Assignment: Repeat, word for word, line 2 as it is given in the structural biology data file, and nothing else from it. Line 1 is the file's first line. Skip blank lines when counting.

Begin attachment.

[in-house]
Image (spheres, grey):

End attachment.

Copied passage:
Image (spheres, grey):